PHILADELPHIA (AFP) - President Joe Biden on Tuesday (June 14) blamed Republicans and the Russian invasion of Ukraine for soaring US inflation, in a bid to deflect voter anger over his inability to keep prices down.
Speaking to trade unions in Philadelphia on the eve of the Federal Reserve's likely decision to raise interest rates again, Biden said inflation is "sapping the strength of a lot of families."
Biden said he feels Americans' pain, having grown up in a family where news that the price of gasoline had gone up "was a conversation at the dinner table. It mattered."
But he rejected arguments that his government's massive spending to stimulate the economy at the tail end of the Covid-19 pandemic was to blame, instead citing shockwaves from Ukraine and Republican obstruction.
"Under my plan for the economy we made extraordinary progress and put America in a position to tackle a worldwide problem," Biden said of inflationary pressure on economies around the globe.
He said the bloody attack by oil-rich Russia on Ukraine, a major wheat supplier, had sparked fuel and food price increases.
But he also said "Republicans in Congress are doing everything they can to stop my plans to bring down costs on ordinary families. That's why my plan is not finished and why the results aren't finished either."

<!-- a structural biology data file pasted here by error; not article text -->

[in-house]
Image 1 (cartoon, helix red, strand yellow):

Biden said inflation is overshadowing a successful US exit from the pandemic economy, including wage increases, record numbers of applications for small businesses, and "the greatest jobs recovery in American history. People don't want to talk about these days, but it's true."
"Jobs are back but prices are still too high. Covid is down, but gas prices are up. Our work isn't done," Biden said.
"But here's the deal: America still has a choice to make, a choice between a government by the few for the few, or government for all of us, democracy for all of us, an economy for all of us."
The Fed is battling to tamp down inflation through interest rate hikes, while simultaneously trying to avoid going too far and nudging the economy into recession. A new hike is expected on Wednesday.
With approval ratings below 40 per cent for the first time and his Democratic party potentially losing its slender control of Congress in November elections, Biden faces growing political peril.
Republican National Committee Chairwoman Ronna McDaniel said Biden "couldn't care less about" inflation and other economic strains, and that "voters will hold him accountable for his failures in November."